The best bit of gardening

Which is, of course, planting things! I have done a lot of gardening the last few days, or so my muscles tell me, and most of it has been planting, which makes a nice change from all the destructive gardening.




I love bleeding hearts, or Dicentra spectabilis. It is one of my favourite plants, and I now have two in the woodland, between the clumps of daffodils that have finished flowering, where they will add colour through to the summer. I have two of the white variety to plant as well.




These dog’s tooth violets, or Erythronium ‘Pagoda’ were planted a couple of weeks ago in the Acer glade, and have already grown in size and sent up additional flowers. The clumps of leaves behind them should be bluebells, so hopefully I will get a pleasing combination of pale yellow and blue.




This is one of the Acers that gives the glade it’s new name. It is ‘Bloodgood’, just coming into leaf, and should be a lovely strong specimen if it doesn’t get nibbled by anything. This little glade is just a small area in my woodland that was full of snowdrops, so I called it the snowdrop glade. But now it is looking to be also full of bluebells, so I will call it the Acer glade instead, or I shall be changing it’s name every season! There are two other Acers already planted, but they just look like twigs until the leaves emerge, so photos will have to wait.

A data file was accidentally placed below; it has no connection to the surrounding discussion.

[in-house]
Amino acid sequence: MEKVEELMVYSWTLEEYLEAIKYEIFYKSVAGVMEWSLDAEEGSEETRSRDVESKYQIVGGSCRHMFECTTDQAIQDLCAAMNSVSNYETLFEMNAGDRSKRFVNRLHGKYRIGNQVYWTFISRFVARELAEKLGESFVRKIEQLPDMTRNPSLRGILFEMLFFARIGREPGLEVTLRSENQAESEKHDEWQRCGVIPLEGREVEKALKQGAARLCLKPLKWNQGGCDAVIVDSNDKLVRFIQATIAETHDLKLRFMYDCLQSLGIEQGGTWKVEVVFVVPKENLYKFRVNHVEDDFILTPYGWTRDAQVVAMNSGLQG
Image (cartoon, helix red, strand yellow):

The long fenceline across the top of the garden is not the most attractive, so I am planting a succession of shrubs, well spaced out, which will be allowed to grow large and help conceal the fence. They don’t look much yet, but the front one is a Californian lilac, Ceanothus ‘Concha’, with blue flowers in late spring, and the rear one is Escallonia ‘Appleblossom’ with pinky white blooms also in late spring.




Further down the garden, in deer country, I have gone for spiky plants, with a red berberis at the front and Sea buckthorn, Hippophae rhamnoides, to the rear. I hope they survive!




There is a shrubbery of evergreens in the centre of the garden, and this gap between two large shrubs was crying out to be filled, so I have put in a pink camellia that was rescued from the sales area at the garden centre, and is actually a nice little plant.




The deciduous shrubs around the garden are all starting to leaf, and I still don’t have a clue what most of them are! I can’t wait to see what I have, and am watching them carefully. This one is still a mystery – thick waxy little leaves, or sepals, emerging from each bud, with a little flowerhead of some sort in the middle. Ideas, anyone?

Leave a Reply

Your email address will not be published. Required fields are marked *